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Fall 2002

Summer storms: More predictable than we thought?

by Stephanie Kenitzer (American Meteorological Society) and
UCAR Communications staff


Meteorologists have long known that summer thunderstorms and heavy rains are difficult to predict. They pop up quickly and disappear within a few short hours. But after looking at large numbers of radar images spanning four years, NCAR scientists have discovered a systematic pattern of rainfall across North America. That knowledge should make the rainiest summer thunderstorms more predictable.

(Photo by Bob Henson.)

The analysis of 50,000 summertime radar images showed that the movement of blocks of enhanced rainfall from west to east, from the Rockies toward the Appalachians, is an identifiable pattern, even when traditional weather maps show none of the typical triggers, such as fronts or low pressure systems.

These eastward-moving blocks of enhanced thunderstorm activity still include individual storms that pop up quickly and disappear in a few hours, but it appears that the older storms give birth to new storms as the activity moves across the country. Thus, there is a much greater chance that a particular location will feel the effects of a thunderstorm when one of the activity areas is passing by, rather than either before or after it.

“Heavy rain from thunderstorms is hard to predict because these storms are mostly local, don’t last very long, and exhibit chaotic behavior in their evolution,” says Richard Carbone, an NCAR senior scientist and lead author of a paper that appeared in the 1 July issue of the Journal of the Atmospheric Sciences. “But our work shows some clusters of storms actually spawn new clusters of storms. If we can follow this pattern, we may be able to greatly improve our predictions of where the new storms will develop.”

Carbone and NCAR colleagues John Tuttle, David Ahijevych, and Stanley Trier analyzed vast quantities of radar data for summer thunderstorms between 1997 and 2000. By compiling the images, they found a distinct pattern of old storms generating new storms downstream.

“We can track the signal associated with afternoon thunderstorms in the west to new thunderstorms across the country more than 500 miles [800 kilometers] on a typical midsummer day,” adds Carbone. “Some of these storms, or episodes, span up to two days and 1,500 mi [2,400 km], even though ordinary thunderstorms last about an hour and organized groups of thunderstorms three to ten hours.”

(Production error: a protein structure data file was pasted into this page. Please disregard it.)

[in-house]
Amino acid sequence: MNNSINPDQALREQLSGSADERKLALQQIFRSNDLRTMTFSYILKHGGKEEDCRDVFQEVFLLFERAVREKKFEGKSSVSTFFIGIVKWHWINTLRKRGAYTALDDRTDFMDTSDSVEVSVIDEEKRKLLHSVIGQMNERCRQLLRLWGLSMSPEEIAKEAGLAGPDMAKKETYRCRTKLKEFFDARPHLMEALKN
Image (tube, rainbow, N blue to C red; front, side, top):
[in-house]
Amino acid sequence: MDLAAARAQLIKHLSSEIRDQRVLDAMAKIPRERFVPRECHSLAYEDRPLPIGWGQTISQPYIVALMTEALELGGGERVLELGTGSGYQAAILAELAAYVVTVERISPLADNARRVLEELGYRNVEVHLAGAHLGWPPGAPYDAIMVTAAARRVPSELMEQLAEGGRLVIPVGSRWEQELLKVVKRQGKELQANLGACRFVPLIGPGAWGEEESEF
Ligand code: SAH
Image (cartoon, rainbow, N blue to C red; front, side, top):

Mountains and storm-created atmospheric waves are the main factors kicking off these episodes, says Carbone. “We haven’t discovered the silver bullet yet—what ties these sequences of storms together—but we’ve got some ideas.” Ongoing research by Carbone and his collaborators includes looking more deeply into how these episodes of enhanced thunderstorm activity form, as well as wavelike mechanisms and other factors that may control the speed at which they propagate. If the underlying mechanisms can be brought to light, that information can be used to improve forecasts of thunderstorm activity in the summer months.

What the models say

Carbone’s thunderstorm research was funded primarily by the U.S. Weather Research Program. Related work on modeling is being carried out elsewhere at NCAR, with NSF funding, as part of the center’s initiative on the water cycle across scales. Aiguo Dai has been examining the diurnal cycle of precipitation across the globe and, in particular, across North America. The central United States and the lee of the Tibetan mountains are among the places where land-based thunderstorms appear more likely to occur at night than in the afternoon. Dai is now evaluating the performance of the Community Climate System Model in reproducing these and other diurnal patterns in precipitation.

In most regions, models tend to generate showers and thunderstorms too early in the day, says Dai. And no model has yet been able to accurately simulate the summertime march of storms across North America analyzed by Carbone. “I think it’s very much an interaction across scales,” says NCAR’s Kevin Trenberth, who has worked closely with Dai on precipitation analyses. Trenberth, Dai, and colleagues will soon be addressing the problem in a study using a hierarchy of models that range from cloud scale to global scale.


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Edited by Bob Henson, bhenson@ucar.edu
Prepared for the Web by Carlye Calvin
Last revised: Monday, December 30, 2002 11:03 AM